I did my rounds, all patients mostly stable, but I wasn't overly chatty with the nursing staff. I wanted to get home with Lola and Victoria.

With Victoria's help, I did the tire change in 17 minutes (I like to time myself with tire changes). I had taken every precaution the evening before, and verified the pressure of the spare and I had all the equipment necessary to make things easier. Victoria remarked, "That wasn't nearly as bad as I thought it would be." I hope she learned something, and I hope she doesn't think they all go so well; the right tools and preparation and practice makes hard things look easy. Lola was awesome the entire time, and endured all the noise and grunts from my exertions without an issue. In fact, the entire trip, she didn't paw in the trailer ONCE.

After a lunch on the run, we headed home without any more issues. Lola unloaded calmly from the trailer and we allowed her to take in her surroundings. Victoria introduced her to the boys, my geldings, and they seemed as impressed with her looks as we were when we first met her.

It was an adventure that I hope Victoria will look back on fondly, and it delivered my oldest daughter her first horse, her first business transaction, a trip on new roads, a lesson in adversity, and culminated in a peaceful walk leading her new horse...

Saturday, April 3, 2010

Good day for solo rides...

Started the day by getting up early and evaluating a possible horse purchase. It's a registered Spotted Saddle Horse. Beautiful tobiano paint markings. Rode OK, but purchase negotiations are ongoing. More later if successful.

Great day for a ride, clear skies and about 82 degrees. I went to the pasture and settled on riding the first horse I caught. Woody consented after a little evasiveness. We saddled up and I jumped on him "cold back". We walked and trotted right on out. No fuss or complaints from him. After he was a little warmed up, I used every open piece on the trail to canter him. As usual, he offered no complaints, and he responded to my cues to go directly into the canter from a walk or even a dead stop. I avoid trotting because of my back, and because I can on him. It's fun to go from stopped cold to a canter without a walking/trotting/bumpy start. It's 0-60 and then lift off!

We worked on cantering on each lead, left and right. Then we put in one trail in my neighborhood. Great fun.

I headed back to my front pasture, but stayed in saddle. I rode over to Vaquero and threw a halter and lead rope on him, and proceeded to "pony" Vaquero. I was thinking that by keeping Vaquero slightly behind Woody in some long circles and trips around the front pasture, it would simulate that Vaquero was actually DRIVING Woody, and might give him some confidence. Woody is top gelding, and Vaquero needs some confidence and to know he can trail ride alone. Similarly, Woody could stand to be driven around a little, since it rarely/never happens, and Woody can be a little bossy with me. It was also a great test of my horsemanship, since riding at a trot and canter while ponying another horse can really test your skill to hold it all together: speed control, your horses reins in one hand and a lead rope/tugging horse in the other. It felt great!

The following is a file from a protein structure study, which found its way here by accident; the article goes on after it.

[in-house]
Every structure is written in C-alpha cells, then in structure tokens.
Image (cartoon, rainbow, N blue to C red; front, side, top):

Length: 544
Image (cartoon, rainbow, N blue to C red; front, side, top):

Armed with that confidence in both Vaquero and myself, it was time to hit the trail solo with Vaquero. We headed out; only he didn't want to go. He side passed and kept turning his head to see Woody. This was ridiculous. I spun him him hard for a circle or two, then let him relax. He needed to be worried about me, not leaving Woody. But I couldn't do too much, or then he could get terrified to leave with me and be convinced he was unsafe to leave Woody. I pushed him out again, and again he started a little dance. NO! I spun him hard the other way; and I mean I reached down and grabbed the rein on one side damn near his bit and brought his head around until he was spinning and I had full control. I was NOT going to let him buck or get out of this. But I was careful to make moving out easy and I gave him breaks to just relax with a loose rein. He let out a big sigh during the relax portion of our exercise, and I could feel him say, "Damn, I really thought I was going to get out of this one, but this guy is determined."

We headed out again, and despite a few look backs with longing and despair, there was no more foolishness. The further we got from the ranch, the more he looked forward. There were other horses to get his attention, and various other distractions. That, and his inbred to desire to move out, kept his feet moving and the distance from the ranch growing. I tried to use that move out desire to my advantage.

We met other riders on their horses taking advantage of the great weather. So after a while, I felt him relax and we enjoyed a nice brisk walk and a smooth paso corto for much of the ride. I actually felt him start to enjoy himself. In fact, I think he rode more smoothly during this solo ride than he has in quite a while. He got sweaty, but not the ridiculous sweaty he can get when he's nervous or anxious. This was an honest ride kind of sweat. We did two trails, and headed home. He picked up the pace, but was controllable headed home. I think I heard him call out to Woody, waiting indifferently in the pasture for his return, "I made it! I'm in one piece! Can you believe it?".

I turned him out with Woody, and both horses will enjoy the night air under the starts tonight in the front pasture. I will too, with my kids and some steaks I'm throwing on the grill as soon as I stop typing. Did I mention the kids had their first swim of 2010 in the pool while I was riding? It took me 2 weeks, but the pool is in swimming shape, but way too frigid for anything but pool crazy kids desperate for a swim...Enjoy the evening.